Sixty-eight years later, in 2003, the United States, acting through the Army Corps of Engineers, granted Globenet a Consent to Easement (“Consent”) over a portion of this land. See Answer Ex. D (the “Consent”) [ECF No. 24-4]. That Consent gave Globenet a right-of-way, commensurate with the government's own right-of-way, to lay fiber optic cable over a sliver of the Intracoastal Waterway. See Answer ¶¶ 15-16. The Consent was subject to a number of conditions-one of which required Globenet to obtain both the consent of the State of Florida and of the owners of the property on which the Intracoastal had been built. See Consent ¶ 1. Globenet acquired the State's consent later in 2003, when Florida's Board of Trustees of the Internal Improvement Trust Fund granted Globenet an easement to lay fiber optic cable over the Subject Property. See Answer Ex. E (the “Florida Consent”) [ECF No. 25-5]. Thus, as of 2003, Globenet had obtained, from both the United States and the State of Florida, the right to lay its fiber optic cable over the Subject Property.

         South Spanish Trail is a Florida limited liability company that claims to have purchased the Subject Property in 2016. See generally Notice of Removal [ECF No. 1]. In 2018, it brought suit against Globenet in the 15th Judicial Circuit in and for Palm Beach County, alleging that Globenet has neither an interest in the Subject Property nor any right to lay its cable there. See Notice of Removal Ex. 3 [ECF No. 1-3].[1] Globenet answered on December 23, 2018, and, in addition to responding to South Spanish Trail's complaint, brought its own claims against both South Spanish Trail and the United States. See Notice of Removal Ex. 4 [ECF No. 1-4]. On March 25, 2019, Globenet amended its Answer and Third-Party Complaint. See Answer [ECF No. 24].

         Against the United States, Globenet asserts only what it calls a “Breach of Easement” claim. See Answer ¶¶ 57-61. That claim alleges that the “United States breached its easement obligations owed to Globenet, ” id. ¶ 59, and that this “breach deprived Globenet of a legitimate constitutionally protected interest, ” id. ¶ 61. Specifically, Globenet says that the United States engaged in a “taking” without just compensation, in violation of the Fifth Amendment to the U.S. Constitution. See Response at 9, 11.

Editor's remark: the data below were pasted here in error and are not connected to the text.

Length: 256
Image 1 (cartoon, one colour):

On April 5, 2019, the United States moved to dismiss Globenet's Third-Party Complaint. See generally Motion. In its Motion, the United States argues both that the Court lacks subject matter jurisdiction over the claim, see Id. at 2, and that Globenet fails to state a claim upon which relief may be granted, see Id. at 9. Specifically, the United States says that Globenet's “Breach of Easement” claim, properly construed, “is nothing more than a breach of contract claim.” Mot. at 2 (cleaned up). Then, citing Alabama Rural Fire Ins. Co. v. Naylor, 530 F.2d 1221 (5th Cir. 1976), the United States contends that this Court lacks subject matter jurisdiction over breach of contract claims against the federal government-even where those claims seeks only specific performance. See Id. Finally, noting that there are no set of circumstances under which Globenet could plead a viable contract claim, the United States asks this Court to dismiss Globenet's Third-Party Complaint with prejudice. See Id. at 8.

         Globenet responds that it has, in fact, stated a valid Takings Clause claim under the Fifth Amendment. See Response at 10 (“In its amended third-party claim, Globenet asserts a federal takings claim against the United States related to the Government's breach of its obligations under the [Consent].” (citing Answer ¶¶ 57-61)). Globenet then surveys the jurisprudential record from other circuits and argues that, where a contract claim implicates a constitutional question-such as an alleged violation of the Takings Clause-a district court does have jurisdiction over that claim. See Response at 11 (citing Transohio Sav. Bank v. Dir., Office of Thrift Supervision, 967 F.2d 598, 610 (D.C. Cir. 1992)).


         I. Contract Claims Against the United States

         The United States is generally immune from suit unless it has expressly waived that immunity by statute. See Zelaya v. United States, 781 F.3d 1315, 1322 (11th Cir. 2015). In 1976, Congress amended the Administrative Procedure Act (the “APA”) so as to waive sovereign immunity for a broad range of suits that seek non-monetary relief from federal agencies or officials. See 5. U.S.C. § 702. But this waiver is subject to certain well-specified exceptions. Nothing in the APA, for example, “confers authority to grant relief if any other statute that grants consent to suit expressly or impliedly forbids the relief which is sought.” Id. Similarly, the APA only waives sovereign immunity for actions ...